The more trichomes a bud has the more potent the marijuana will be. Trichomes are the medicinal crystals of the plant and form as the bud yields into its final stages. These crystals peak during the drying and curation process of the plant and the more frosty your nuggets become determines how strong your highs will be.
The key to getting the most trichomes starts with how the plant is grown, method and timing are essentially key, and to perfect the cure making sure that the plant dries properly will bring the trichomes to peak intensity.
Tricks to increase THC
Ever notice how when you keep your freshly clipped herbs in a mason jar they get crunchier and more crystallized? This is because they are drying even more. Removing the moisture brings the buds to the highest of their THC yield. Try keeping your buds in a glass jar for a week and see if you notice the difference!!
Freshly harvested marijuana is always going to contain much more water than sets of nuggets where all the moisture has been removed from the buds. Water does not contain cannabinoids so the higher the moisture content of the freshly picked sample, the lower the THC and other cannabinoids in the resulting content yield. This is the reason that pure extracts contain so much more THC, where they remove all other plant material and are condensed down to only the plant medicine through processes of purging, buds retain their water from harvest, making THC unavailable at point of moisture.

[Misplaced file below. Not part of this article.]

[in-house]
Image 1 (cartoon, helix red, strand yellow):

Do the Math
The first rule is finding the baseline moisture content. Since most cured buds are between 8-12% it is generally safe to go with a 10% baseline moisture level.
Marijuanagrowershq.com picked two make-believe buds for their explanation of the process. Both have been lab tested and show a total THC level of 18%. The difference is that one sample has a moisture content that is 15% while the other has only 5%.
The difference between the 15% moisture content and the baseline of 10% is a difference of 5%
Multiply 5% (.05) by the THC content of 18% or (.18) which equals 9% or (.009)
Since we know that a water content over baseline will mean more cannabinoids, we add this to the original THC content of 18%.
Our THC content adjusted for water content is .9% + 18% = 18.9%
Now this doesn’t seem like a huge number but let’s compare it to the sample with a moisture content of only 5%. Instead of adding .9% we need to subtract it from the original 18% THC
Our THC content adjusted for water content is -.9% + 18% = 17.1%.
Even though these two buds both showed 18% THC in the lab results, we know that if they were both dried to the 10% moisture level baseline, one would test at 17.1% THC and the other at 18.9% THC. This increase from 17.1% to 18.9% THC is an increase of a little over 10%. When growers are experimenting with methods for increasing the THC content of the buds they grow, a 10% increase is pretty substantial.
For more tips and tricks, contact the compliance experts in Colorado, Washington, Oregon, and Hawaii at CannaScore!